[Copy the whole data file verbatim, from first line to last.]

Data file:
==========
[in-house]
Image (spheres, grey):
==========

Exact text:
[in-house]
Image (spheres, grey):